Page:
Unfortunately Google's webmail service is not supported, but most mail clients that are native to Linux tend to be compatible in some way with the command line interface, so in theory it is not difficult to set something of the ilk up yourself.

Mutt and Alpine are better suited to this as they are text-mode anyway, but popular mail clients such as Evolution and its associated background daemons can be invoked in the terminal or via a shell script to send emails or check for unread arrivals.

OK, so what about the rest of the supported services?

Blogger is supported, so you will be able to post items to your blog in a similar fashion to adding entries to the previous services.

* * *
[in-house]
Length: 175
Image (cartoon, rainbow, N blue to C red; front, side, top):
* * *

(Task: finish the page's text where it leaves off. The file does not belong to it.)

An example command would be:

google blogger post --blog "Personal Blog" --tags "linux, examples, fun" post_text.html

Here we select the relevant blog, apply tags to the post then grab a HTML file containing the relevant content. This can contain video and photo content, but these will need to be hosted elsewhere as at the time of writing these were not imported with the text.

But I'm not all about text. What about other content, like videos and photos?

YouTube support is also provided for video uploads and Picasa provides photo and picture upload functionality. To create an album and import a folder of pictures to Picasa you could use something similar to the following:

google picasa create --title "Cool album" / path/to/cool/album/*.jpg

How far can I customise what I post?